David Kirsch completed his residency at Massachusetts General/Harvard Medical School in radiation oncology, and performed his Postdoctoral Fellowship at MIT’s Center for Cancer Research. He was a faculty member at Harvard Medical School for two years before joining the Duke University School of Medicine in 2007.
His clinical focus is on the care of patients with bone and soft tissue sarcomas. David also leads a cancer research laboratory. This is where David and his team of graduate students, post-docs, and technicians use cutting edge technologies in mouse genetics, imaging, and molecular and cell biology to study the initiation, progression, and metastasis of cancer. He has received major biomedical research grants during his young career from NIH, NASA, and the Duke Cancer Center. In 2008 he was one of the first scientists to receive a $450,000 grant as the recipient of the Damon Runyon Rachleff Innovation Award to develop molecular imaging technology to detect microscopic residual cancer during surgery. In 2010 he received the American Society of Clinical Oncology Advanced Clinical Research Award in Sarcoma including a $450,000 grant to take the newly developed technology from the lab to the operating room through clinical trials. In 2010 he received the Michael Fry Research Award for junior scientists who have made extraordinary contributions to radiation research.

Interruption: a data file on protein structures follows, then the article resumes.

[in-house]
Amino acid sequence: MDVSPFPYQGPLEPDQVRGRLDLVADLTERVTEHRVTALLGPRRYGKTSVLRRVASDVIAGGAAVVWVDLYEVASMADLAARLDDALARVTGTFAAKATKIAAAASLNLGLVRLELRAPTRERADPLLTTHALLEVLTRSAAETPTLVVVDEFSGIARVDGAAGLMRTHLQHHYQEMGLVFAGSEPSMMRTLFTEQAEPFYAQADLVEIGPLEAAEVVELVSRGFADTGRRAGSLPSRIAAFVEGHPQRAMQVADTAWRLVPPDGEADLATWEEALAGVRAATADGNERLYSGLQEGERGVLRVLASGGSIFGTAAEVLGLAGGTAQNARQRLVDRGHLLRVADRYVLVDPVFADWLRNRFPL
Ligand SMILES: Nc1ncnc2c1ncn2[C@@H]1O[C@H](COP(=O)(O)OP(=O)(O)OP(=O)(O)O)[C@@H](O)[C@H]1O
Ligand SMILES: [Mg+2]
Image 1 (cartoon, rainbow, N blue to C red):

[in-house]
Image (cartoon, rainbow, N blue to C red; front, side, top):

David is also a prolific contributor to the medical field. He has published over 59 articles in medical journals, written five chapters in medical books, and has served as a reviewer for numerous publications and NIH grants. He mentors graduate students, medical students, residents, and oncology fellows in his lab. David sits on major committees at Duke University School of Medicine and is a co-leader for the Radiation Oncology and Imaging Program in the Duke Cancer Institute.